Opal fuel reduces huffing in communities where it is available. Huffing or sniffing of toxic chemicals such as petroleum has been reduced by up to 70% in some remote Australian communities where teens and young children have previously been in the habit of sniffing petrol to get high.
Children as young as 6 continue to be in need of drug addict help for substance abuse in the form of sniffing a variety of inhalants. Many become hospitalised due to hypoxia, or lack of oxygen and some suffer permanent brain and physical damage as a result of inhalant use.
The Australian government has for some years introduced Opal fuel ( similar to Comgas ) to a wide area of Central Australia where petrol sniffing has been a problem among the indigenous population. Opal has been developed in preference to Comgas because Comgas has the toxic residue tetra-ethyl lead (TED) that can be absorbed into the body.
Tests on Opal fuel show that is compatible with vehicles designed to run on 91 octane fuel, and also show that Opal fuel is more or less equivalent in performance to normal petrol. However, using Opal fuel has the advantage that petrol sniffers don’t find it attractive. Opal fuel has reduced petrol sniffing in Australia.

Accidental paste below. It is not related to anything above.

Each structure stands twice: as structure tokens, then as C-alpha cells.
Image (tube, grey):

People are less attracted to Opal fuel because it lacks the aromatic component of ordinary fuel and and users don’t get a “buzz” from sniffing it. Opal petrol has around 5% of the aromatics, including benzine and toluene that create the euphoric effects, compared with around 25% of these aromatics in ordinary petrol. Over 106 outback communities are now supplied with Opal fuel leading to less petrol sniffing.
In countries such as Mexico, ravaged by drug wars, there is evidence of solvent abuse increasing in young children, In Canada, the indigenous people of Northern Labrador have expressed interest in getting Opal fuel into their communities. In 2002 an entire community at Davis Inlet was re-located due to problems with petrol sniffing by young children. BP who makes Opal fuel has no refineries in Canada, but would be open to another company making its product, to support such a community program as is available to people who live in Central Australia and the goldfields. Logistical problems prevent Mexico, Northern Labrador and other communities from instituting programs to end petrol sniffing by young children.
Putting an end to petrol sniffing is only a harm reduction method, and does not completely address the reasons why otherwise healthy children turn to substance abuse. The answers might be found in the pervasive disempowerment and devaluation of these communities within society, and resultant depression, anger and frustration in the younger generation. It is not about pouring in money, but in addressing their emotional needs. At the end of the day, all people want to be accepted as equals by society – and have equal opportunity.
SCACS – the Australian Senate Community Affairs Committee Secretariat has in 2009 reviewed the Australian model –and having assessed its impact, is looking to introduce Opal fuel throughout the Northern Territory. Opal fuel reduces huffing, or petrol sniffing in young children. It is an opportunity to be grasped by any government wishing to provide drug addict help for young children, a useful start towards eventual resolution of a tragic community problem.